In really simple terms Chromatography is a method of separating a mixture of chemicals. M and Z were interested to see what colours were in the ink of different coloured pens. They drew dots of different coloured ink on blotting paper about an inch from the bottom of the paper.
Next, they placed the blotting paper in a jar with about a cm of water in. The paper soaked up the ink and the colours separated.
We initially tried this experiment with Sharpie’s (permanent markers), these inks didn’t separate easily so we tried regular felt tips and achieved better results.
The purple, brown and grey felt tips pens produced interesting results. Have a go and see what colours you see…
In this photograph, you can see the difference between using sharpies and using regular felt tip pens.
Thanks for reading. 🙂
Being able to do this activity is all about having the right size and shaped containers. Having said that, our small jar was far from perfect, right size but the shape was a little off! A small jar with a narrower neck or a very small bottle would have been more effective.
For this volcano, you will need a large glass jar, a smaller glass bottle, wire, red food colouring and hot and cold water. Tie some wire around the small glass bottle so that it can be picked up without having to hold the glass.
Pour cold water into the large glass jar so it’s about 2/3 full. Fill the small glass jar with hot water and add a teaspoon red food colouring. Z went a bit over the top with the food colouring as she poured it in!
Carefully place the small jar into the large jar and watch the water volcano erupt. This happens super quickly so you (or the children) may want to do this a few times. This volcano shows how cold and warm water mix. The hot water expands, taking up more space. It is, therefore, lighter than cold water and rises to the surface.
We found this activity in My First Science Book it’s full of 23 really simple, doable science experiments that can easily be done at home. Well worth getting for any young science enthusiasts.
Have you done any volcano experiments? I’d love to hear about them. Please comment below.
Thanks for reading
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We have this lovely book all about rocks. A rock is lively by Diana Hutts Aston. It’s all about the ingredients that make up rocks. It has some beautiful pictures in it, in an attempt to recreate some of this beauty we made some Geodes. Geodes are rocks with sparkling crystals inside them.
We made our geodes by slightly heating up some water and dissolving as much salt as possible.
We mixed the salt solution with food colouring inside some egg shells and left them. It took many days for our geodes to develop
The best geodes that we created were the egg shells in pots that started off with the most salt solution in.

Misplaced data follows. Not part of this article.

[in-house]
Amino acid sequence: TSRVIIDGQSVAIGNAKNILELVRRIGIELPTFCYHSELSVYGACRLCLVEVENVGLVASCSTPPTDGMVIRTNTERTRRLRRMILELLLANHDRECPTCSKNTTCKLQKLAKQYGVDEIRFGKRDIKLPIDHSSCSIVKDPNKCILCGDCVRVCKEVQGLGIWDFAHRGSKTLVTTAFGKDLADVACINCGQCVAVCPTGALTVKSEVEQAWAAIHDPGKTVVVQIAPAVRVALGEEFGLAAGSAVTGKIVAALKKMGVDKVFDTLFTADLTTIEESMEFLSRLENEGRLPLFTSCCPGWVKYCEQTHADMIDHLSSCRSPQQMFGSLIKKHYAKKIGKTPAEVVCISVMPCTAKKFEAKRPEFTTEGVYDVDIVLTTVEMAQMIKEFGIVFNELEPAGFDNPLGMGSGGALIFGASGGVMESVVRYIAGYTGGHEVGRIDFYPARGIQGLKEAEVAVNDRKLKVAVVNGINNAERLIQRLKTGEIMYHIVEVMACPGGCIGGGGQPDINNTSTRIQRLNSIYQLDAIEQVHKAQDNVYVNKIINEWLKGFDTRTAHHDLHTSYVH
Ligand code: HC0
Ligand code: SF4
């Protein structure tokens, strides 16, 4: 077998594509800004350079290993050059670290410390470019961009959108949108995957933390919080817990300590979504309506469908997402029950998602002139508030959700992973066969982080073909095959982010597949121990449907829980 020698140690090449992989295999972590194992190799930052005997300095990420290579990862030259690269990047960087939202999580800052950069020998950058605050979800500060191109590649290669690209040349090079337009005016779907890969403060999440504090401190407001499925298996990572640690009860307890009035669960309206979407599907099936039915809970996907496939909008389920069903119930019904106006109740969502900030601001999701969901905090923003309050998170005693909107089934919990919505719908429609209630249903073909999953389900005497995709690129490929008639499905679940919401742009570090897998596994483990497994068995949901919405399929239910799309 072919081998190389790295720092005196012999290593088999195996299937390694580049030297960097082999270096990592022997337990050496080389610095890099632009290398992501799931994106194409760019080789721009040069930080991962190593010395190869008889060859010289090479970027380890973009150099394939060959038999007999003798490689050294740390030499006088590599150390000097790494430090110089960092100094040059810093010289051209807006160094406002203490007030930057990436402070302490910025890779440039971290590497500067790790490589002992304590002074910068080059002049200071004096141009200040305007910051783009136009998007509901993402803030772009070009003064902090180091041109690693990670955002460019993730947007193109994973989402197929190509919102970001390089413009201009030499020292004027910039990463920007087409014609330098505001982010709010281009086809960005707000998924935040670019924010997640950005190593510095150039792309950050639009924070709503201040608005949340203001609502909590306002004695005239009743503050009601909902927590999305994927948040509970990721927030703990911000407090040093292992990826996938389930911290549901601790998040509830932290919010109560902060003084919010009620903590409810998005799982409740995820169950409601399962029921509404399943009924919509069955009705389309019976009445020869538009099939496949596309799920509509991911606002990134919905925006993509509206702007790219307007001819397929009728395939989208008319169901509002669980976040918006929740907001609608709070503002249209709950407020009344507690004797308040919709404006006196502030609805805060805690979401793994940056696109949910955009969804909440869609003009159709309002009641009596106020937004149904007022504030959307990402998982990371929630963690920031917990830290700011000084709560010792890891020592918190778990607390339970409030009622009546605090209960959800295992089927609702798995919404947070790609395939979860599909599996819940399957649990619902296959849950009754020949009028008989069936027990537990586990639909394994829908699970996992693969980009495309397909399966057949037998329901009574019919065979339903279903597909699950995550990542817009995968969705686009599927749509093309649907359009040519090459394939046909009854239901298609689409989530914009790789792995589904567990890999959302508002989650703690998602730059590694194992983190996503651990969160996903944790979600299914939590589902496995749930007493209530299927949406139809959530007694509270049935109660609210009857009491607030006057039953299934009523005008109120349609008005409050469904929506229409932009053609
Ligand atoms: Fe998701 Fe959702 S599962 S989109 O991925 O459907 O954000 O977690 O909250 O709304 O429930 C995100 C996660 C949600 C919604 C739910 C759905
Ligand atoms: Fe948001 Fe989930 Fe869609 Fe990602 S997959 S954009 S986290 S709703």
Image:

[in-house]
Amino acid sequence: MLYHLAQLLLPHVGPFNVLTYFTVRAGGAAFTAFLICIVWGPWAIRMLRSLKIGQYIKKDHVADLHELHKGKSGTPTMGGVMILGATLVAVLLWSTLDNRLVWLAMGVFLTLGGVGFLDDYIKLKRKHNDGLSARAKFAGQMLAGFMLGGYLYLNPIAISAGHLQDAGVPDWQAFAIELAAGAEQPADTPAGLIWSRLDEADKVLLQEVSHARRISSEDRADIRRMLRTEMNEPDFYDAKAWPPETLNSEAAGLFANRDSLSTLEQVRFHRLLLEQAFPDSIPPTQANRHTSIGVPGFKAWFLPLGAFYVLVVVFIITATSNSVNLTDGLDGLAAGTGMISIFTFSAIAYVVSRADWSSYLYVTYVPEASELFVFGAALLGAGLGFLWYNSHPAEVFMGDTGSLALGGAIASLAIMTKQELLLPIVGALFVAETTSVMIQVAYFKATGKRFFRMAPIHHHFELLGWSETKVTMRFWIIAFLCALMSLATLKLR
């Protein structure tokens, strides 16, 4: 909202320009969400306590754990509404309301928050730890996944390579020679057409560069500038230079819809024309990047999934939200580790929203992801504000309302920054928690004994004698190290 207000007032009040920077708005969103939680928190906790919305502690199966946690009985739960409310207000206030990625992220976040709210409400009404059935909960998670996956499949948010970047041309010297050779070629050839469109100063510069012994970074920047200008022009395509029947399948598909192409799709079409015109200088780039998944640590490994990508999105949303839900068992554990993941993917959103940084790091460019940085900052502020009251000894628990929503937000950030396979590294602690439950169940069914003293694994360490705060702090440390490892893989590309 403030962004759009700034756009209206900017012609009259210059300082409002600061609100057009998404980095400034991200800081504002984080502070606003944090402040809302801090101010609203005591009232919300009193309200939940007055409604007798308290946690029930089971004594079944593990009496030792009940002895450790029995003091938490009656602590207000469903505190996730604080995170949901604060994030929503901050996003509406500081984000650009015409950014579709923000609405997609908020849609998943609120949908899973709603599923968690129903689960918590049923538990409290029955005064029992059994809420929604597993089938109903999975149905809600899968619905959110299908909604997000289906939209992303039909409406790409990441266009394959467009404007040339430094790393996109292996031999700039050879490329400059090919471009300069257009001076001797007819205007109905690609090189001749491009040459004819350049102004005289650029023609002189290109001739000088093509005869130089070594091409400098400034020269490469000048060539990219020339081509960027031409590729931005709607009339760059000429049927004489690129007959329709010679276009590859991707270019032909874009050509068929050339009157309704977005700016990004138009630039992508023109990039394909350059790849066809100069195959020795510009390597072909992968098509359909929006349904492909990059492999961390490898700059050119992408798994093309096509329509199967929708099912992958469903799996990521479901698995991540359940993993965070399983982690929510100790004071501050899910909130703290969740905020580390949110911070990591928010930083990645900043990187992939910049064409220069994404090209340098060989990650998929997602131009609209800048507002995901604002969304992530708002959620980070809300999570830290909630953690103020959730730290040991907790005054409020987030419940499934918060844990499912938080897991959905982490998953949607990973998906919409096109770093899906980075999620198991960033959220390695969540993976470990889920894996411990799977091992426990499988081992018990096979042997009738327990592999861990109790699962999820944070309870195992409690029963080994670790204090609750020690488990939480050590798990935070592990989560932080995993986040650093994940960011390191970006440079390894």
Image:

We loved how the molecular structure of the salt changed and in some instances created what looked like perfect squares.
We’d love you to share with us about any fab science experiments you’ve done, please comment below. 🙂
I love our Okido Magazine that pops through the door every month. I shouldn’t really say I love it as it’s aimed at 3-8 year olds, but I do! And so does our son (who definitely does fall in correct age bracket).
This months magazine had a fabulous experiment that our children really wanted to try. We got together some skittles, a plate, a bowl and a jug of water.
After arranging the skittles around the upturned bowl, we removed the bowl and poured a small amount of water in the middle of the circle.We then watched and enjoyed the colour from the skittles dissolving in the water creating this beautiful pattern. It was fun to watch the colours mixing and inevitably turning into a brown mushy colour!
We were interested to see that when we turned over the skittles there were small dots of colour where the skittles were resting on the plate and the water didn’t come into contact with the skittle and therefore the colour didn’t dissolve away.
Nice one OKIDO!
Whats your favourite kids magazine?
We have a bunch of different magnets in the house but on the whole none that were super powerful. They weren’t strong enough to do the experiments that we wanted to do.
So, we bought some really strong magnets. Now these magnets are definitely not the type to leave around the house for little people to play with at will!! There would be disastorous concequences of non-functioning phones and kurput electrical equipment. So, beware if you decide to do this at home! The packaging was full of strong warnings!
We used these super strong magnets to make…..another magnet!
Little Man stroked a large needle a few times with one side of the magnet and hey presto….the needle became magnetic. The amazing thing was that the magnet stayed magnetic for ages! I though maybe it would be magnetic for a few minutes and we’d have to go through the process again. However, the needle picked up the paper clips and even they became magnetic, I found them sticking to some electrical devise the next day!!
We also used the magnetic needle to create a compass. We laid the needle on some cardboard which we placed in a bowl of water and hey presto. We spun the card around and it would always settle with the needle pointing north! How very cool.
Have you done any magnetic experiments? Did you get the results you imagined?